Is Slow Living Compatible with Entrepreneurialism?
These days, doesn’t it feel like we’re being made to play tug-of-war with the concept of success and the concern for our health and wellbeing?
A world that burns bright with opportunity can also come at a cost to our energy and valuable free time, so the idea of slow living versus embracing one’s entrepreneurial spirit seems like a relatively ill-matched pairing for maintaining both prosperity and personal wellbeing. But, amongst the calamity and yet insatiable curiosity that characterises today’s society, is it actually doable?
The slow living movement stems back to the 1980’s phenomenon of ‘slow food’, pioneered by Carlo Petrini when the picturesque location of Rome’s Spanish Steps was threatened by the intrusive construction of a large fast-food chain. Italian culture is one of tradition, family values and gastronomic pleasure. The thought of an unfamiliar establishment capitalising off food sales from a vastly different economic and regional realm was, frankly, unnerving, because supporting the local enterprises was solidified in the local way of life. Thus, the slow food movement began.
Translated over our lifestyles as a whole, slow living is a specific way of thinking and being. It’s about remembering to take time out from the daily hustle, appreciating life as it is in the moment and being mindful, giving ourselves ample time to rejuvenate, to nourish our bodies with nutritious food and to participate in self-care rituals.
As entrepreneurs, we always strive for some form of success, whether it be personal fulfilment or financial gain. We tend to internalise their business and, more often than not nowadays through the growth of online influencers, an entrepreneurs’ very being is the business.
How, then, can we apply slow, thoughtful living to our daily lives, when all that we know and do is fast, busy, responsive, challenging and thrilling?
When running our own businesses, it’s hard to know when to draw the line. After all, when do we really ever stop working for, or thinking about, what we want to achieve in our business endeavours? Too much of this, if we’re not careful, could lead to feeling run down and uninspired, both in mind and body.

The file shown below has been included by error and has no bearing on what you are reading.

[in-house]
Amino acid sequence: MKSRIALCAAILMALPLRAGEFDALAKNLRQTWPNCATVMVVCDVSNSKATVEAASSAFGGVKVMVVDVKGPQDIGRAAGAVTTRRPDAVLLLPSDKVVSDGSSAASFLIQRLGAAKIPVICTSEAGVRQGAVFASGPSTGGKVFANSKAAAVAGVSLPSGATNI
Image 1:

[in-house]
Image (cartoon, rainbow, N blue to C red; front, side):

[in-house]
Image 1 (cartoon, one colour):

This is where slow living comes in. Just like the slow food movement, where health, wellbeing and strong community values are at the core, slow living is all about making time to care for ourselves and others, where no phones are needed, no business talk is spoken. Simply, free time is spent gathering some inspiration with a hobby, spending quality time with loved ones or enjoying a well-earned morning in bed. The result is a brighter, calmer outlook on life with a new burst of energy to thrive off.
At first, leading a slow lifestyle might not seem feasible as an entrepreneur, but there are ways we can incorporate simple activities into our daily routine to ensure we’re getting the right balance of both personal and business fulfilment. For example, we could try to set aside the weekend to focus on our creativity or bodily health and wellbeing, rather than working overtime on the business.
As entrepreneurs, we know it’s difficult to clock off at five and not work again until 9 am the next working day, but allocating time away from work is so important if we are to continue to feel motivated and inspired. After all, motivation and inspiration are two of the most important factors that lead to entrepreneurial success, aren’t they?